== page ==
The free radical scavenging activity of the of stem bark of Oroxylum indicum has also been confirmed by different assays viz., total anti-oxidant assay and βcarotene bleaching assay. All the extracts viz. petroleum ether, benzene, chloroform, ethanol, and water showed anti-oxidant activity. However, ethanolic and chloroform extracts exhibited maximum anti-oxidant potential than other extracts.

Methanolic and aqueous extracts of stem bark of Oroxylum indicum have also been found to have diverse therapeutic potentials. Various properties including anti-oxidant property, cytotoxicity, and protection against oxidative DNA damage, Ferric reducing anti-oxidant (FRAP), free radical (DPPH and OH-) scavenging activities as well as inhibitory effect on lipid peroxidation have also been confirmed. In the cytotoxicity test, cytotoxicity of the extracts has been characterized by XTT assay in MDA-MB-435 S and Hep 3D cell lines. Protection of DNA by the extracts against oxidative damage by UV-photolysis of H2O2 was studied. Both the extracts inhibited lipid peroxidation in a dosage dependent manner. Both extracts exhibited considerable free radical scavenging and ferric reducing abilities. The extracts demonstrated extensive cytotoxicity in both tested cell lines. Both extracts exhibited moderate levels of DNA protection against oxidative stress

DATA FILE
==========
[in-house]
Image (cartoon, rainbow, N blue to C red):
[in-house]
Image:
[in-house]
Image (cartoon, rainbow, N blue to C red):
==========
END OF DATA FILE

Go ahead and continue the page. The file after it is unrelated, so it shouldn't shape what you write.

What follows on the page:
Ant inflammatory activity: The root bark of Oroxylum indicum has been shown to inhibit chronic inflammation in rats. In the acute test conducted on experimental Wistar rats, carrageenan was used to induce rat paw edema in one group of animals and cotton pellet was used to induce chronic inflammation in second group. Pre-treatment with n-butanol fraction showed significant (p<0. 05) anti-inflammatory activity at 3 hour when compared with control group. Further, it also significantly (p<0. 05) reduced the increase in the weight of cotton pellet when compared with the control group and the results were comparable with that of standard diclofenac treated group of animals.